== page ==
, Muskogee, OK

December 18, 2012

Warner teens make Christmas for others

By Cathy Spaulding
Phoenix Staff Writer

— WARNER — A storm shelter and hallway at Warner High School has turned into Santa’s Workshop as students sort clothing and wrap toys.

Warner students in seventh through 12th grade are wrapping scores of toys, dolls and books to give to elementary students this week. They also collected clothing to give to needy families.

Warner High Principal Jeremy Jackson said juniors and seniors in the school’s leadership program were discussing ways to increase student involvement.

“They were talking about how to get it started, and the kids took it from there,” he said.

School counselor Misty Durrett said students talked about toys they used to play with and that other kids could benefit from. They started collecting toys and clothes they had.

“The first day, 17 students brought in bags of stuff, lining the halls,” Durrett said, adding that donations included an air hockey game, a drum set and laptop computers.

“It just spread through the entire community,” she said. “It went from 17 students to 20-something the next day. We’re making certain every student has a part in this project.”

The school’s original goal was to ensure that every student from pre-kindergarten through second grade gets a wrapped toy, Durrett said.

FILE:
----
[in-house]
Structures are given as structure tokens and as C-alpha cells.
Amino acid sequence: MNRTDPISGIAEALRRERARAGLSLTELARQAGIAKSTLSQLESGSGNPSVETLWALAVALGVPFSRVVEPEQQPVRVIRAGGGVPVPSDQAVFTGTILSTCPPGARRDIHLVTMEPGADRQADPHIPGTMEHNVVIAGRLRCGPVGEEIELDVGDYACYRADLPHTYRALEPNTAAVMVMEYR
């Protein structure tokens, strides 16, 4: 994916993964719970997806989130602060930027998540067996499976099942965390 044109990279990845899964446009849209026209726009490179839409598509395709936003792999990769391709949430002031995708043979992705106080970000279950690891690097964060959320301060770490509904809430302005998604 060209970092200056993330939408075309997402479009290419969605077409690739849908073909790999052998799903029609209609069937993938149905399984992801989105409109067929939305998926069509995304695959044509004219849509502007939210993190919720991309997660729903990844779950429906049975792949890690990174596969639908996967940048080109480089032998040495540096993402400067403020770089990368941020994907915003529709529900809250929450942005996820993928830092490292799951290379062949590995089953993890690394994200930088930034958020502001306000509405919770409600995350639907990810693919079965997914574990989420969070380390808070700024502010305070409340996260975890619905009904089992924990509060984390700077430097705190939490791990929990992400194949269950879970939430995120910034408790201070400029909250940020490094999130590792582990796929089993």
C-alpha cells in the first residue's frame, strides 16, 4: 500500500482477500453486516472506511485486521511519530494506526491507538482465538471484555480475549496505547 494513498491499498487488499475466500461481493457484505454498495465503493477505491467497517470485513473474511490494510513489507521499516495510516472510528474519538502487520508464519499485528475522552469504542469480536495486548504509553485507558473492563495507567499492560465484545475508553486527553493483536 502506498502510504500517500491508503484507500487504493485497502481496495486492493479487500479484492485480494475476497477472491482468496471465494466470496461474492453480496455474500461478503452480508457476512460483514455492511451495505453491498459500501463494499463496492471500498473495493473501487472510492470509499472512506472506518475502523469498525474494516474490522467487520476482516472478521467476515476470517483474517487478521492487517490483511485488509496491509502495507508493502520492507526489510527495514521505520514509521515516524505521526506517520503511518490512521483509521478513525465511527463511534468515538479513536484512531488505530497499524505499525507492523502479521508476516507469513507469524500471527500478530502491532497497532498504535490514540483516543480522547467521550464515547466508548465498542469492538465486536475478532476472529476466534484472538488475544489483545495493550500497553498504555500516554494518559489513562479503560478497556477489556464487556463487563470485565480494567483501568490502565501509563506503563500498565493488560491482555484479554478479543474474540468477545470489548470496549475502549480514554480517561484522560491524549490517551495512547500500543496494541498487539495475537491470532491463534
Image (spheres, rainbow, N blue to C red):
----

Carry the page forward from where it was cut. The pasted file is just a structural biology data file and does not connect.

“But we have so many toys now, it can be every child through the fourth grade, maybe even the sixth grade.”

Warner junior Erika Vinson said she’s happy to help wrap and give toys.

“I tutor at the elementary, and I can tell that many children aren’t going to get a gift or many gifts to open,” Erika said. “This will help them get to open one and see the joy on their faces.”

Jackson said the elementary students are to receive and open the gifts Wednesday.

“I want to see my kids see the joy of the elementary kids getting to open something in front of their peers,” he said. “I think there will be a lot of people in tears.”

Donated clothing and wrapping paper fills the school’s storm shelter. Students and community volunteers are folding and sorting the clothes according to size.

Senior Maxwell McBride said he and the student council president visited area businesses to seek donations.

“I just think it’s good for kids to have what I had as a kid,” he said. “My parents always supported me, and it makes me feel good to be doing this.”

Toys, books and stuffed animals line a hallway in one wing, where students sit on the floor to wrap the presents. They tried their skill at wrapping dolls, balls and infant toys with no boxes.

Nathaniel French worried that he wouldn’t have enough wrapping paper, but he managed to find a matching scrap to fill a gap.

Durrett said students also are focusing on needy families to distribute clothing.

“Mr. Jackson said we have nine families for sure,” she said. “We just started asking for those on Friday.”

Jackson said any clothes left over would be donated to a local clothes closet or to Women in Safe Home, a women’s shelter.

Reach Cathy Spaulding at (918) 684-2928 or